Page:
Metoprolol is used with or without other medications to treat high blood pressure (hypertension). Lowering high blood pressure helps prevent strokes, heart attacks, and kidney problems. This medication is also used to treat chest pain (angina) and to improve survival after a heart attack.
Metoprolol belongs to a class of drugs known as beta blockers. It works by blocking the action of certain natural chemicals in your body, such as epinephrine, on the heart and blood vessels. This effect lowers the heart rate, blood pressure, and strain on the heart.
Drowsiness, dizziness, tiredness, diarrhea, and slow heartbeat may occur. Decreased sexual ability has been reported rarely. If any of these effects persist or worsen, tell your doctor or pharmacist promptly.
To reduce the risk of dizziness and lightheadedness, get up slowly when rising from a sitting or lying position.
This drug may reduce blood flow to your hands and feet, causing them to feel cold. Smoking may worsen this effect. Dress warmly and avoid tobacco use.
Remember that your doctor has prescribed this medication because he or she has judged that the benefit to you is greater than the risk of side effects. Many people using this medication do not have serious side effects.
Tell your doctor right away if any of these unlikely but serious side effects occur: very slow heartbeat, severe dizziness, fainting, blue fingers/toes, trouble breathing, new or worsening symptoms of heart failure (such as shortness of breath, swelling ankles/feet, unusual tiredness, unusual/sudden weight gain), mental/mood changes (such as confusion, mood swings, depression).
A very serious allergic reaction to this drug is rare. However, get medical help right away if you notice any symptoms of a serious allergic reaction, including: rash, itching/swelling (especially of the face/tongue/throat), severe dizziness, trouble breathing.
This is not a complete list of possible side effects. If you notice other effects not listed above, contact your doctor or pharmacist.
Before taking metoprolol, tell your doctor or pharmacist if you are allergic to it; or to other beta-blockers (such as atenolol, propranolol); or if you have any other allergies. This product may contain inactive ingredients, which can cause allergic reactions or other problems. Talk to your pharmacist for more details.
Before using this medication, tell your doctor or pharmacist your medical history, especially of: certain types of heart rhythm problems (such as a slow heartbeat, sick sinus syndrome, second- or third-degree atrioventricular block), breathing problems (such as asthma, chronic bronchitis, emphysema), liver disease, heart failure, serious allergic reactions, including those needing treatment with epinephrine, blood circulation problems (such as Raynauds disease, peripheral vascular disease), mental/mood disorders (such as depression), a certain muscle disease (myasthenia gravis).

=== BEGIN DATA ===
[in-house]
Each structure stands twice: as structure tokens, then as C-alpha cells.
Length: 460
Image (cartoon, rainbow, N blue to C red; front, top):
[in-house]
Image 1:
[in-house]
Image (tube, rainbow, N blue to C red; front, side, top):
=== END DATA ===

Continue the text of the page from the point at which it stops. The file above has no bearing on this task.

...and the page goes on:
If you have diabetes, this product may mask the fast/pounding heartbeat you would usually feel when your blood sugar falls too low (hypoglycemia). Other symptoms of low blood sugar, such as dizziness and sweating, are unaffected by this drug. This product may also make it harder to control your blood sugar. Check your blood sugar regularly as directed and share the results with your doctor. Tell your doctor right away if you have symptoms of high blood sugar such as increased thirst/urination. Your doctor may need to adjust your diabetes medication, exercise program, or diet.
Before having surgery, tell your doctor or dentist about all the products you use (including prescription drugs, nonprescription drugs, and herbal products).
This drug may make you dizzy or drowsy. Alcohol or marijuana (cannabis) can make you more dizzy or drowsy. Do not drive, use machinery, or do anything that needs alertness until you can do it safely. Limit alcoholic beverages. Talk to your doctor if you are using marijuana (cannabis).
During pregnancy, this medication should be used only when clearly needed. It may harm an unborn baby. Discuss the risks and benefits with your doctor.
This drug passes into breast milk. Discuss the risks and benefits with your doctor before breast-feeding.